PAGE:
As Egyptians cast their ballots in what could turn out to be the most significant milestone in Egypt’s transition to democratic rule, the country’s youth greet the prospective candidates with varying degrees of enthusiasm, while an unmistakable thread of pessimism runs through the discourse of secular liberal groups, many of which helped lead the January 25th uprising and now believe the revolution has been hijacked, either by the Islamists or by remnants of the former regime.
Still, one can clearly discern excitement among young Egyptian voters for several of the leading candidates in the first round of the country’s first free and fair presidential elections.
The first of these, Abd Al-Moneim Aboul Fotouh, has been one of the leading contenders since the race began in 2011. Aboul Fotouh is appealing to voters because he is able to attract support from diverse segments of Egyptian society. During a massive rally organized by his supporters last Friday, for example, female professors, ultraconservative Islamists, liberal activists, and former members of the Muslim Brotherhoo delivered speeches. “He has the most potential to unite Egyptians,” argues Suzy El Ayoubi, a lawyer and head of the legal counsel of an Egyptian oil and gas company. “I’m not a socialist,” she continues, “so I think his program suits Egypt better than that of some of the more leftist candidates.”
Even some of Aboul Fotouh’s detractors point to the strengths of his ideas . Sondus Hassounah, a public health specialist who submitted an absentee ballot for Amr Moussa, praised Aboul Fotouh’s positions on health care. “He has a very holistic approach to reforming the sector,” she remarked. When pressed on her reluctance to vote for him, Sondus admitted her suspicion of his ties to the Muslim Brotherhood. “Even if you believe that he’s severed his relationship to the organization, being a member of the Brotherhood implies an entire way of life, and you don’t just give that up.”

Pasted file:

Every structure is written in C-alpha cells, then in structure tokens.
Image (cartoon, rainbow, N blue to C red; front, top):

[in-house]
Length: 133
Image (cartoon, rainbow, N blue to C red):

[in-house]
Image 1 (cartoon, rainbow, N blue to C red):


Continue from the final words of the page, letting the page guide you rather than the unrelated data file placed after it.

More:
Many young secularists make less of an effort to temper their criticisms of Aboul Fotouh, who they assert has a long history of flip flopping in order to win political support. “This is also the man who founded the Islamic Group, whose membership made a sizeable contribution to Egypt’s pool of armed jihadists and terrorists,” pointed out Mohamed Bahrawi, editor in chief of Egypt Oil and Gas. “I’m not willing to entrust my country’s future with an Islamist just because he recently carved out a role for himself as a progressive voice within a fundamentalist organization.”
Voters like Bahrawi seem to be lending their support to one of the other leading candidates among the youth, Hamdeen Sabahi, a former journalist and Nasserist politician. Largely perceived as one of the only non-Islamist candidates with political legitimacy in post-Mubarak Egypt, Sabahi presents himself as a supporter of social justice and nationalism and as such, competes with some of the more populist campaigning strategies of his Islamist competitors.
And yet many of his supporters admit that Sabahi’s appeal is mostly as an alternative both to the Islamist candidates who terrify secularists and the other non-Islamist frontrunners, Amr Moussa and Ahmed Shafik, both of which have ties with the former regime and are often perceived as corrupt.
Indeed, many young voters understand more clearly who they don’t want to take office. Mohamed Mursi, the Muslim Brotherhood’s official candidate, is a particularly polarizing figure. While he enjoys immense popularity and the full support of the organization (advantages which some observers assert could win him the election) the more progressive and secular segments of Egypt’s youth fear that he would implement radical policies aimed at Islamizing an already conservative Muslim country, policies in large part conceived by one of the group’s main strategists and financiers, Khairet Al-Shater. “The only scenario in which I will feel compelled to vote,” says Ahmed Beguirmy, a mechanical engineer and small business owner, “is if either Mursi or Shafik make it to the run off. In that case I will vote for whoever opposes them.”